Although Rudnick's complaint does not specifically cite § 1983, it alleges that he was deprived of due process in violation of the United States and North Dakota Constitution and seeks the equitable remedy of an injunction. Pleadings shall be construed to do substantial justice. Rule 8(f), N.D.R.Civ.P. The defendants cannot seriously argue that the alleged deprivation of due process guarantees is not a controversy which can possibly be made the subject matter of a civil action where, as here, there is no statutory right to appeal.

Moreover, we are not persuaded that Rudnick's sole remedy was to seek a writ of mandamus. We note that some proceedings involving the termination of municipal employees have been by mandamus seeking reinstatement [Lee v. Walstad, 368 N.W.2d 542 (N.D.1985); Blomquist v. Clague, 290 N.W.2d 235 (N.D.1980)], and that we have treated an action seeking an injunction to reinstate a police officer to the civil service rolls "brought in the form of an ordinary civil action" as a mandamus proceeding. Holcomb v. Hamm, 77 N.D. 154, 157, 42 N.W.2d 70, 71 (1950). Certiorari has also been used to challenge the removal of a city officer. State ex rel. Ness v. Board of City Commissioners of City of Fargo, 63 N.D. 33, 245 N.W. 887 (1932). However, we also recognize that some proceedings involving the termination of municipal employees and alleging a deprivation of due process have been brought as independent actions. Mattheis v. City of Hazen, 421 N.W.2d 476 (N.D.1988); Hennum v. City of Medina, 402 N.W.2d 327 (N.D.1987). In Mattheis, supra, 421 N.W.2d at 479, we cited State ex rel. Ness, supra, and stated that removal proceedings are reviewable by courts to determine whether the removing authority was within its jurisdiction and the evidence furnished any legal and substantial basis for its action.

In a related area involving school board nonrenewal of teacher employment contracts for which there is no statutory appeal from the decision of the school board, we have permitted teachers to challenge a school board's decision to nonrenew by mandamus to compel reinstatement. E.g., Feldhusen v. Beach Public School Dist. No. 3, 423 N.W.2d 155 (N.D.1988). However, we have also allowed teachers to proceed by independent action to review a nonrenewal decision to determine if the procedural steps required by statute were followed and, if under the facts of the case, a nonrenewal was authorized. Dobervich v. Central Cass Public School District No. 17, 283 N.W.2d 187 (N.D.1979), appeal after remand 302 N.W.2d 745 (N.D.1981). However, in Dobervich, supra, 302 N.W.2d at 751-752, we limited the court's review of nonrenewal decisions:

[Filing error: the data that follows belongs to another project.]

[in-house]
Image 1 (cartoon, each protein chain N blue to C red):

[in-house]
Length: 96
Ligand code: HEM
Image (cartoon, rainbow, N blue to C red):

"[W]e conclude that, except for procedural matters, the trial court's review of the reasons given for nonrenewal of the teacher's contract and the evidence submitted at the hearing pertaining thereto is limited to: (1) determining whether or not the reasons given are in accordance with the statutory provisions, i.e., they are not frivolous or arbitrary but, rather, are related to the ability, competence, or qualifications of the teacher as a teacher, or the necessities of the district such as lack of funds calling for a reduction in teaching staff; and (2) determiningif those reasons are legally sufficient whether or not under the facts of the *638 case the school board has abused its discretion in reaching the nonrenewal decision. Such a review will, in our estimation, permit the teacher his day in court and, at the same time, will not unduly involve the courts in the administration of the school system."[9]

Those cases illustrate that, in some circumstances, procedures other than mandamus have been used to challenge employment decisions. Whether we denominate this as an independent action or as an application for mandamus or certiorari, we conclude that Rudnick's action is within the district court's jurisdiction. See Mattheis v. City of Hazen, supra; Hennum v. City of Medina, supra; cf. Dobervich v. Central Cass Public School District, supra. We further conclude that, within the context of that action, whether or not the defendants' disciplinary procedures complied with due process is fully reviewable [see Verry v. Trenbeath, supra]; however, the substantive merits of the disciplinary action are subject to limited review with deference to the disciplinary authority. Mattheis v. City of Hazen, supra; State ex rel. Ness, supra; see 4 McQuillin, Municipal Corporations, § 12.266; cf. Dobervich, supra. We believe that a limited review will permit municipal employees to have their day in court without unduly involving the courts in the merits of disciplinary decisions. We follow the standard of review stated in Mattheis and State ex rel. Ness which limits a court's review to whether the evidence furnished any legal and substantial basis for the disciplinary action.[10]

We thus turn to Rudnick's assertion that he was deprived of procedural due process during the disciplinary proceedings.

Rudnick's due process claim depends on whether or not he had a constitutionally protected property interest in retaining his rank as sergeant. If he does, the defendants cannot deprive him of that interest without due process. Hennum v. City of Medina, supra; Lee v. Walstad, supra. Property interests are not created by the constitution, rather they are created and their dimensions are defined by existing rules or understandings that stem from an independent source, such as state law. Lee v. Walstad, supra. In this case, we need not decide if Rudnick has a protected property interest because, assuming arguendo that he does, we conclude that he received due process.